By RPM Central Valley
Are you planning on investing in your first income property? If so, you’re not alone.
Investing in an income property is a fantastic idea because it gives you the ability to build wealth while creating a source of cash flow that you can use for your retirement.
Tips for Investing in Income Property
Make Sure it’s for You
Do you know your way around a toolbox? How are you at repairing drywall? Or unclogging a toilet? Sure, you could call somebody to do it for you, but that will eat into your profits. Property owners who have one or two homes often do their own repairs to save money. If you’re not the handy type and you don’t have lots of spare cash, being a landlord may not be right for you. (See also: Becoming a Landlord: More Trouble Than It’s Worth?)
Your first property will consumer lot of your time as you learn the ins and outs of being a landlord. Think of it as another part-time job. Do you have the time?
Pay Down Debt First
Savvy investors might carry debt as part of their investment portfolio, but the average person should avoid debt. If you have student loans, unpaid medical bills or have children who will soon attend college, purchasing a rental property may not be the right move at this time.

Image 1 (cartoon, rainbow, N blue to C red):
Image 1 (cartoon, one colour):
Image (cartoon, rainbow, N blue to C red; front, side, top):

Get the Down Payment
Investment properties generally require a larger down payment than owner-occupied properties, so they have more stringent approval requirements. The 3 percent you put down on the home you currently live in isn’t going to work for an investment property. You will need at least 20 percent, given that mortgage insurance isn’t available on rental properties.
Beware of Higher Interest Rates
The cost of borrowing money might be cheap right now, but the interest rate on an investment property will be higher than traditional mortgage interest rates. Remember, you need a mortgage payment that’s low enough so that it won’t eat into your monthly profits too significantly.
Calculate Your Margins
Wall Street firms that buy distressed properties aim for 5 percent to 7 percent returns because they have to pay a staff. Individuals should set a goal of 10 percent. Estimate maintenance costs at 1 percent of the property value annually. Other costs include insurance, possible HOA fees, property taxes and monthly expenses such as pest control and landscaping. (See also: A Quick Guide to Landlord Insurance)
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